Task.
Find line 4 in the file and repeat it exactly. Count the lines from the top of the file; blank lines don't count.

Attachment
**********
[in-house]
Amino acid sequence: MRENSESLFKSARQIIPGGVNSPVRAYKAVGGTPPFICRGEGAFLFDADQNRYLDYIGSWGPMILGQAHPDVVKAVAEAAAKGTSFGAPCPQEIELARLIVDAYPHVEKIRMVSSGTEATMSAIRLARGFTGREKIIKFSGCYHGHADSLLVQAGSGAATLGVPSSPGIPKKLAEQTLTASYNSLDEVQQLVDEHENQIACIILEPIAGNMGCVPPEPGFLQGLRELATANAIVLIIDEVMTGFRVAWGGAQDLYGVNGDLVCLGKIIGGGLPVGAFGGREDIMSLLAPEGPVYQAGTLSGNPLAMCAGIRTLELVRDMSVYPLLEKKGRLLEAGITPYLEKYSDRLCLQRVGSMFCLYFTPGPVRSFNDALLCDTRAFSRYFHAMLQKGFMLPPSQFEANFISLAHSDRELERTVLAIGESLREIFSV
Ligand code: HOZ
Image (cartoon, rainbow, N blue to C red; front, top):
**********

Image (cartoon, rainbow, N blue to C red; front, top):